TALKING TO FRIENDS: UnMasking, Asking & Tasking
February 08, 2009Guest Blogger: Jennifer Brown
It was mid summer in the mid-1980’s shortly after I graduated from law school, and I was driving to what might have been the 3rd or 4th wedding of the summer. My best friend from law school (I’ll call her Arlene), had flown into town (yet again) to attend. As Arlene and I drove from the ceremony to the reception, she haltingly expressed her mixed feelings. “I’m happy for David and Sarah,” she began, “but I have to admit that all these weddings make me a little sad…they remind me that even though Donna and I have been together for 7 years, no one is celebrating us as a couple – and no one is going to. My law school friends don’t even include her on the invitations.” I glanced over and saw that she was crying, and in an instant I gained some measure of understanding about how the world of commitment, weddings, and public affirmation of couples looked from her perspective. The law did not treat all of my friends equally. The bitterness of discrimination diminished the sweetness of that day. I count this moment as a turning point in my growth as an ally and advocate for marriage equality.
In that conversation, Arlene bestowed upon me a wonderful gift: insight. And that insight has helped to fuel my work for LGBT equality. Conversations can do that. That’s why, during Freedom to Marry week (which begins today!), you should make it a goal to have at least one conversation each day about marriage equality. Every day this week, people will share their ideas about how you can talk to friends, family members, legislators, and others about marriage. Today I want to focus on the conversations you have with friends.
There are three simple steps to talking with friends about marriage: 1) remove the mask, 2) make the ask, and 3) assign a task.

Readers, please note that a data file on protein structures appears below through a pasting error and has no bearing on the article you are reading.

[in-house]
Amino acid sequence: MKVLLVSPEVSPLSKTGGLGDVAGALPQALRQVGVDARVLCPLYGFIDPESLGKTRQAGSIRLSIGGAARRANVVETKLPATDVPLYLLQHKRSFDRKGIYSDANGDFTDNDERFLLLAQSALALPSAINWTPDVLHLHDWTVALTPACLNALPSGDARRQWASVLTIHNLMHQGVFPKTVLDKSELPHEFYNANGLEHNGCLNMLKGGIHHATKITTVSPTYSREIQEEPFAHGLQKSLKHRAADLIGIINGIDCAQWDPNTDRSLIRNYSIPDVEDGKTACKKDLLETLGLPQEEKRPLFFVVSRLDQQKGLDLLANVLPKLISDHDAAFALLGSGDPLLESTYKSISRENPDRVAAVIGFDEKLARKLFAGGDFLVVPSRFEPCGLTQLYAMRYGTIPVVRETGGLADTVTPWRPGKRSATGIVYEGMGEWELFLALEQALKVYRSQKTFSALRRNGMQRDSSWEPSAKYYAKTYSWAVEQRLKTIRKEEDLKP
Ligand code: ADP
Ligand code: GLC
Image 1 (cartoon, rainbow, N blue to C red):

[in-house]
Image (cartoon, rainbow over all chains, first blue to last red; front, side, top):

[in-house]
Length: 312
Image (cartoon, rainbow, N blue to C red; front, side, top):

Remove the Mask
Share your story. Make it personal, authentic, and heartfelt. This is what Arlene did for me, and what I attempted to do at the beginning of this post. In a sense, Arlene was wearing a mask, concealing her hurt and ambivalence, suppressing the longing she felt to celebrate her love for Donna with her friends and family. She’d put on a happy face out of love for her friends David and Sarah, but for a few minutes in the car, she let the mask slip away. I learned something deep and abiding because she had the courage and the trust to show me the truth. Similarly, whatever your sexual orientation or marital status, when you tell a friend how you feel about marriage (particularly regarding the exclusion of same-sex couples from marriage), you may completely transform your friend’s understanding.
Just a few weeks ago, another dear friend of mine (who is not gay and is a Christian) found herself in conversation with a fellow parishioner who seemed to assume that my friend shared his negative view of marriage for same sex couples. As if the conversation were happening in slow motion, my friend could almost hear the seconds ticking away as an internal debate began: “I have to tell him I disagree.” “But what if I screw it up and just end up alienating him? That’s happened to me before.” “He clearly assumes that I agree with him, and I don’t.” “But he’s such a sweet guy; what if I hurt his feelings?” “Am I articulate enough and clear enough about my views to tell him the truth?”